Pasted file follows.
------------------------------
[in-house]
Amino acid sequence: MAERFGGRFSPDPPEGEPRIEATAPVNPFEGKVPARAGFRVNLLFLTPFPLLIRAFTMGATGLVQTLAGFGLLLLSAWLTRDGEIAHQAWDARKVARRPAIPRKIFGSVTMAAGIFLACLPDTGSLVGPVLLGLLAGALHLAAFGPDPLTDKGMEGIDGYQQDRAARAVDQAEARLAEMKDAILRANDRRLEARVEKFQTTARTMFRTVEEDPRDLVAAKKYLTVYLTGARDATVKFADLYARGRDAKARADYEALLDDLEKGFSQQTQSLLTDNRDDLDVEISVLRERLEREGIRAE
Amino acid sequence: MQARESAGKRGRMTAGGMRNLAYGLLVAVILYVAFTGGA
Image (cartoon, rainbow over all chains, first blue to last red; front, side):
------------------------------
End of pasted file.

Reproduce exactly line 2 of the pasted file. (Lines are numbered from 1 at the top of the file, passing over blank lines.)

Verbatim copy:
Amino acid sequence: MAERFGGRFSPDPPEGEPRIEATAPVNPFEGKVPARAGFRVNLLFLTPFPLLIRAFTMGATGLVQTLAGFGLLLLSAWLTRDGEIAHQAWDARKVARRPAIPRKIFGSVTMAAGIFLACLPDTGSLVGPVLLGLLAGALHLAAFGPDPLTDKGMEGIDGYQQDRAARAVDQAEARLAEMKDAILRANDRRLEARVEKFQTTARTMFRTVEEDPRDLVAAKKYLTVYLTGARDATVKFADLYARGRDAKARADYEALLDDLEKGFSQQTQSLLTDNRDDLDVEISVLRERLEREGIRAE